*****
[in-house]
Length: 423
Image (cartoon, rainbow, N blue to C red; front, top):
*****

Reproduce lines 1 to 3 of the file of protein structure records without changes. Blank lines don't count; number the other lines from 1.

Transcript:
[in-house]
Length: 423
Image (cartoon, rainbow, N blue to C red; front, top):